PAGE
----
At present have four projects under construction which are now under threat – a new 20 bedroom ex-nightclub conversion and 3x, 6 room multi-let property refurbishments. All of which previously have had full council approval and are now at a standstill due to the council having changed their minds as to the bedroom sizes.
We think we need to stand our ground on this matter.
It will obviously effect millions of people in the future and will make it very difficult financially, to develop suitable properties for multi-let use.
With the imposition of the new mutli-let “mandatory licensing” laws in April of next year? – the councils will have the effective ability to refuse the license for properties – that fail “any” of the regulatory or management standards, with no regard as to their previous permissions, and effectively stop mutli-let use for retrospectively approved, decent, well designed and well run houses unless they are reconverted to the “new” regulations.
As you can imagine this is an impossible situation.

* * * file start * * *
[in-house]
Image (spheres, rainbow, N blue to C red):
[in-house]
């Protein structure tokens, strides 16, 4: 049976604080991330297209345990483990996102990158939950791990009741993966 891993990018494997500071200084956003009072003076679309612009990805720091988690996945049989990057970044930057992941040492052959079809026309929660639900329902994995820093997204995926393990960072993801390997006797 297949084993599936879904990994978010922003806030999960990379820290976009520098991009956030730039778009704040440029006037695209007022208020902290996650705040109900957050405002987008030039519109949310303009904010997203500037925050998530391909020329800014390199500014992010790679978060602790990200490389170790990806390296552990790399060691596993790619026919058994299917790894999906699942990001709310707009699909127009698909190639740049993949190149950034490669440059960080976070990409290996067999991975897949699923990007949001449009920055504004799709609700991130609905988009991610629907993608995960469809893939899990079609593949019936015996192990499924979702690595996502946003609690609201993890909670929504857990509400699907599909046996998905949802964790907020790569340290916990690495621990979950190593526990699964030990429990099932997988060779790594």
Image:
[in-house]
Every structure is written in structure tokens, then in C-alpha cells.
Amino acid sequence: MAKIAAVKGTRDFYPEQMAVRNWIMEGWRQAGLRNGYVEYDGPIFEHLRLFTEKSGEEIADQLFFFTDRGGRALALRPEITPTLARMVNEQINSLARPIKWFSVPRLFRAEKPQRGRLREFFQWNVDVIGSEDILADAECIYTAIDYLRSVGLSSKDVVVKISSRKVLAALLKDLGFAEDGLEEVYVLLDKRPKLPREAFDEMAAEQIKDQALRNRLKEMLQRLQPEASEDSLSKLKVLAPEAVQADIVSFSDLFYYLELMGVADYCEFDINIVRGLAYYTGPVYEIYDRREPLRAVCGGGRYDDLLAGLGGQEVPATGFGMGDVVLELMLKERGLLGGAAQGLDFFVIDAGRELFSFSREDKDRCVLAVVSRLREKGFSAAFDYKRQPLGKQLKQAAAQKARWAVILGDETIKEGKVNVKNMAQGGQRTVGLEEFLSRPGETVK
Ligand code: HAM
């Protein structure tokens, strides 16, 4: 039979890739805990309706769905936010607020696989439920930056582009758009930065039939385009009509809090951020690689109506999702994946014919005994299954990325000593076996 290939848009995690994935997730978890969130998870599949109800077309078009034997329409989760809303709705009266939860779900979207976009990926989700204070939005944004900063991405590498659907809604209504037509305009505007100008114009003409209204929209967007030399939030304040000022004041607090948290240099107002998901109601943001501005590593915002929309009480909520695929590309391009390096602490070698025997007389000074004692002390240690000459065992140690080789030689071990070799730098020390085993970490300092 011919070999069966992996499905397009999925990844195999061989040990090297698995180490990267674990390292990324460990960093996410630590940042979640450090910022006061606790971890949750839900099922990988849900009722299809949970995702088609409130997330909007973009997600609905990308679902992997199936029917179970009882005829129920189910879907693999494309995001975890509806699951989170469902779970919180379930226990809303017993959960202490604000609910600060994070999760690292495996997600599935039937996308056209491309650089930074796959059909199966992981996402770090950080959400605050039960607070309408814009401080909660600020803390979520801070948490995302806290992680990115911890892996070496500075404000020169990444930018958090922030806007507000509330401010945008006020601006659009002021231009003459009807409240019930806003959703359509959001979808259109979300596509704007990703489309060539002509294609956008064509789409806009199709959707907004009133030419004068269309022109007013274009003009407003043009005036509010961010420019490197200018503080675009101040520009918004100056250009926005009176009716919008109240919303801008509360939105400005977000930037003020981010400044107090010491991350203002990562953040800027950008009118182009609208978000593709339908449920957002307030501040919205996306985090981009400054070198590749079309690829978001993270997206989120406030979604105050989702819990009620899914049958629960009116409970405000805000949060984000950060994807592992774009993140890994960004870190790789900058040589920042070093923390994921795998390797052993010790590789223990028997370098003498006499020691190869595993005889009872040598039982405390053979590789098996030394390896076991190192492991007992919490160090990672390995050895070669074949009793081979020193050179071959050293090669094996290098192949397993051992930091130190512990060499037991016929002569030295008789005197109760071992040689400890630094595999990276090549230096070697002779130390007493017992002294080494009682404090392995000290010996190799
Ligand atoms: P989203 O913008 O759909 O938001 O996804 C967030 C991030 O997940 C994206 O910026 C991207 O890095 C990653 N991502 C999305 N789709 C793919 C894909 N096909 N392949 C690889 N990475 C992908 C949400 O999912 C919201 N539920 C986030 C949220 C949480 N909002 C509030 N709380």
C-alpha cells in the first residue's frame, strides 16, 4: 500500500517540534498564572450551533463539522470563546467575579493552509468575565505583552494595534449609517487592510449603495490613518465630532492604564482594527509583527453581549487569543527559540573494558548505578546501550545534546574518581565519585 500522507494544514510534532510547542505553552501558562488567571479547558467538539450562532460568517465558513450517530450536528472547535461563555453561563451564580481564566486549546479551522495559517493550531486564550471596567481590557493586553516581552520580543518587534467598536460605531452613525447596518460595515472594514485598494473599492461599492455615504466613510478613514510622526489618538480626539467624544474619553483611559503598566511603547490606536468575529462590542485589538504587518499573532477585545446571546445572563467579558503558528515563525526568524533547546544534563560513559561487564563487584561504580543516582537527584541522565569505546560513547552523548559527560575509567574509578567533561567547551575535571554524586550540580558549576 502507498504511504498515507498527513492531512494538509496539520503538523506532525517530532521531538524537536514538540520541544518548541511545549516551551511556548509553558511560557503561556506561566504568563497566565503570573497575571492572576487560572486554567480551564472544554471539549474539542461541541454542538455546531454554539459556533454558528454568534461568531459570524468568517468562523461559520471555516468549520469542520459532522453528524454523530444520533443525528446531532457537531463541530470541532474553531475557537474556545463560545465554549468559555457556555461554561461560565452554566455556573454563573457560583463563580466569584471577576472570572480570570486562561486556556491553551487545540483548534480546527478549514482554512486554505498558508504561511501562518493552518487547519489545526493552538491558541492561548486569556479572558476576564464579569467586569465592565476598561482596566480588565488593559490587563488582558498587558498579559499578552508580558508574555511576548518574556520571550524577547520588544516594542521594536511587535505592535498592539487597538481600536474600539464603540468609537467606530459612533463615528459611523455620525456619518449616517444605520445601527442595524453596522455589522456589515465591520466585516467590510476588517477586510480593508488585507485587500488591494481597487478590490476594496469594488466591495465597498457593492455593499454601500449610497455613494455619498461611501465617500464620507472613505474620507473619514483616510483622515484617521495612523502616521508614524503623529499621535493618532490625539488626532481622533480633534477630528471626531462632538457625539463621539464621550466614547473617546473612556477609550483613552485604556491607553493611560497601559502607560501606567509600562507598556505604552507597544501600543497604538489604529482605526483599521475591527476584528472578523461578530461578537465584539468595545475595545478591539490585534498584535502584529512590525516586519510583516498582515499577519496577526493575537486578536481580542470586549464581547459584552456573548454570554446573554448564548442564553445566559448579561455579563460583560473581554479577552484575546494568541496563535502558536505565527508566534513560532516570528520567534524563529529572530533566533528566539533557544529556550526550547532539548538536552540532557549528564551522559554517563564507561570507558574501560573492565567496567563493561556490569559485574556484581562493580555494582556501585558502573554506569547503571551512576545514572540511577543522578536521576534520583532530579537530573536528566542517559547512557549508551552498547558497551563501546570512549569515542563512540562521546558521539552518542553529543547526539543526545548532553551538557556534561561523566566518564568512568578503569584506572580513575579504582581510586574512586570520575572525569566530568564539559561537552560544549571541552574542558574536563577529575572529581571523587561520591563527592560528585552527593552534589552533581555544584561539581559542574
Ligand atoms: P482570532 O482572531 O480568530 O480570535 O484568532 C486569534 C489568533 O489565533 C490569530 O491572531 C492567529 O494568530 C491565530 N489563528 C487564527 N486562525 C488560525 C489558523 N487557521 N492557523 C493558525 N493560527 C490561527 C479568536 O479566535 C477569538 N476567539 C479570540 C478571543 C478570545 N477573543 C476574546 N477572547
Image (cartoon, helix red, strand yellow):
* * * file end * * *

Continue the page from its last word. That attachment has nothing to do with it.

As a last word of humour?
The need for article 4 is now redundant!
Thank you so much for your excellent informative news and mails.
Next ArticleCourt call centres fuelling possession delays
10:16 AM, 1st December 2015, About 7 years ago
Lots of our customer’s value being able to move into a room within a day or day of getting a job in the area. It’s the best room on the market at the time someone is looking that they take.
So unless the better landlords have empty rooms, they have very little effect on the market…. Yet lots of the better landlords would rather charge a little less rent and not have to spend time finding new tenants.
18:27 PM, 4th December 2015, About 7 years ago
Reply to the comment left by "Gary Dully" at "01/12/2015 - 00:33":
They must think the market can substain the prices and its big enough to take the units they intend to build.
2:11 AM, 7th December 2015, About 7 years ago